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9

The macro \caption executes \@parboxrestore, that in turn executes \let\-\@dischyph which means that, in a caption, \- gets again its original LaTeX meaning of \discretionary{-}{}{}. Indeed, if you look in the .aux file, you see Why does $\discretionary {-}{}{}$ not work in a caption while $\boxplus $ works? It's generally a bad idea to redefine such ...


6

The german package is obsolete. You should instead load \usepackage[T1]{fontenc} Example, where \parbox{0pt} is used to force TeX to hyphenate as much as possible. \documentclass[]{scrbook} \usepackage[T1]{fontenc} \usepackage[utf8]{inputenc} \usepackage[german]{babel} \begin{document} \parbox{0pt}{\hspace{0pt}Andere übertragen das am besten den ...


6

Judging from your answer it seems you don’t really understand what \hyphenation does. The purpose of \hyphenation{some-word-with-hyphens} is not just to allow TeX to hyphenate the word at the places where the hyphens are: it’s also to forbid it everywhere else. For example, say you want to add a breakpoint to the word “advised” by allowing a break before ...


5

Using || for producing a double em-dash is abusing the system. The fact that | produces an em-dash, when the output font encoding is OT1, is purely incidental and should never be relied upon. The “right” way in TeX/LaTeX for obtaining an em-dash is by typing --- and this works also with fontspec, provided the Ligatures=TeX option, that's activated by ...


4

After a few false starts, it became clear that || is the result of a ConTeXt convention, and for reasons more interesting than mere caprice. From ConTeXt's lang-mis.mkiv file: One of TEX's strong points in building paragraphs is the way hyphenations are handled. Although for real good hyphenation of non-english languages some extensions to the ...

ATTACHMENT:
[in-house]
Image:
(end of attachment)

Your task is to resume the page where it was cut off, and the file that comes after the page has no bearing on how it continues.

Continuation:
3

I suggest you replace all instances of "–" (hardcoded en-dash) with "--\allowbreak". (Aside: if your document has hard-coded em-dashes, you may want to replace them with "---\allowbreak".) The "\allowbreak" part is needed if you compile your document with LuaLaTeX; it's not strictly necessary with pdfLaTeX (though it doesn't hurt either). For the paragraph ...


3

Just add a \par or blank line leaving the nested enumerate environment. \documentclass{article} \usepackage{ragged2e} \usepackage{polyglossia} \begin{document} \section{Nested list with sloppypar} \begin{enumerate} \item \begin{sloppypar}\justifying\hyphenrules{nohyphenation}Blah blah blah.\end{sloppypar} \begin{enumerate} \item ...


2

While Steven's answer certainly solves your problem, the way you are marking up your document is not ideal. You can simplify everything a lot with the following: \usepackage{etoolbox} \AtBeginEnvironment{enumerate}{\sloppy\hyphenrules{nohyphenation}} Compare (and comment out the \AtBeginEnvironment line to see the difference): \documentclass{article} ...


2

In a list environment, the action of \item is deferred when a paragraph is started. And \begin{sloppypar} starts with \par, which confuses this mechanism. Here's a minimal example that emulates what sloppypar does: \par at the beginning, some other actions that don't concern the issue, and \par at the end. \documentclass{article} ...


2

With \textbf{"Aquivalenz\-umformungen} you define only one possible hyphenation. But the interword space will be too big if TeX tries to hyphenate at this point. Use \begin{sloppypar} Lorem ipsum Lorem ipsum Lorem ipsum Lorem ipsumm \textbf{"Aquivalenz\-umformungen} Lorem ipsum \end{sloppypar} The possible stretching of the interwordspace is saved in ...



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